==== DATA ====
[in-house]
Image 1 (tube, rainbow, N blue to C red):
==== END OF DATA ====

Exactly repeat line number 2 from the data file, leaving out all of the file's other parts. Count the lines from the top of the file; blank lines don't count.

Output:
Image 1 (tube, rainbow, N blue to C red):